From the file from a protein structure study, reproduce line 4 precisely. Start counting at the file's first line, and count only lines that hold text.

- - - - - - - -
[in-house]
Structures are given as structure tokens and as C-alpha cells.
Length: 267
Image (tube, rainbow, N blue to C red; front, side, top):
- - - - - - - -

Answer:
Image (tube, rainbow, N blue to C red; front, side, top):